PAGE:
Champagnes That Aren't Champagne

American sparkling wines are surprisingly good. Even more surprising, the best stuff is priced between $15 and $30

No, I'm sorry, but you may not call it Champagne.

I know. The American producers have failed to come up with an attractive alternative, so we are stuck with the clumsy handle "sparkling wine," but that's the way it is.

I love France, but it is not an unconditional love. I have plenty of problems with French winemaking, but when it comes to Champgne, the French get it right. The Champenoise have, after all, spent several centuries cultivating the term "Champagne" as the epitome of luxury, celebration, and good times. So when a bunch of upstarts in California and Australia started trying to horn in on a good thing, the French cried "Non!" and rightly so.

Half of Sparkling Wine is Incorrectly Labeled

Interestingly, while nearly all of America's serious producers of sparkling wine—the stuff that can rival Champagne in terms of quality and that I sampled for this article—have stopped using the offending "C" word on their labels, it is the low-end producers—the people who make the $5-a-bottle fizzy grape juice that would never, in a thousand years, pass as the real thing—who continue to do so.

And according to Sam Heitner, director of Champagne USA, the Champagne producers' promotion and, note this, protection, arm in America, more than 50% of all sparkling wine sold here is incorrectly labeled Champagne. You only have to imagine the outcry if a French company started making Harley-Davidson knockoffs at a rundown factory in Lens to see the point.

But we are not concerned here with the ersatz trying to gain a measure of respectability by purloining the Champagne name. What we are looking at is the many excellent American sparklers that are proud to be judged on their own merits.

Nothing Above $50 a Bottle

What most struck me in tasting my way through dozens of bottles of domestic fizz for this article was just how superior are the less-expensive bottles of American quality sparkling wines—those in the $15-to-$30-dollar category—while those in the supposedly luxury category, north of $50, just aren't worth the extra money.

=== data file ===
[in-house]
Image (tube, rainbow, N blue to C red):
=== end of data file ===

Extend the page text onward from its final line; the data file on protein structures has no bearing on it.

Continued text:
It's not that the $23 bottle of Roederer 25th Anniversary Brut, to take one example, is better value that its $50 rivals. It's a better wine, period.

I am not sure why this is. Perhaps it's the soil. It might be that it's capable of yielding very decent simple fizz, but when the winemakers try to push beyond some invisible barrier that the terroir cannot support, they wind up with artificial-tasting wines. That is why there is nothing in the accompanying slide show above $50. It's not by design, it's just that I didn't like any of the more expensive bottles.

A Fragile and Fickle Relationship

At this more approachable level I'm not looking for the great depth and complexity you find in fine Champagne. What I do want is a clean, balanced, well-made fizz with no visible defects and that's a pleasure to drink. This I found in abundance, and a number of my favorites are included in the accompanying slide show.

However, despite the great improvement in quality domestic sparklers over the last decade or so, America's relationship with sparkling wines is fragile and fickle. According to the 2006 report of the Gomberg-Fredrickson consulting firm, sparkling wine represented only 5% of all U.S. wine sales, and homegrown fizz accounted for just 59% of that.

Also, as Charles Curtis, director of wine education at Moët Hennessy USA, a division of LVMH Moët Hennessy Louis Vuitton (LVMH), told me, "the Champagne business is shockingly seasonal, and the more expensive the vintage, the more seasonal it is." The numbers back him up: December, 2006, accounted for 23% of that year's sales of Chandon domestic sparkling wines but only 13% of their still wine.

Bubbly Sales Peaked During the Tech Bubble

Also, it seems to be economically sensitive too. Figures from the Wine Institute show that Champagne and sparkling wine sales peaked at 37 million gallons in 1999—at the height of the tech stock bubble—then fell to a low of 27 million in 2001 after two years of a bear market before beginning a steady rise to 2006's 35 million gallons, an increase of almost 10% over 2005's 32 million.

These numbers should continue to grow. An importer of a major Champagne brand recently told me that he and many of his competitors were planning to raise prices in January in order to maintain their margins in the face of the continuing weak dollar. This can only be good news to the producers of America's excellent not-Champagnes.

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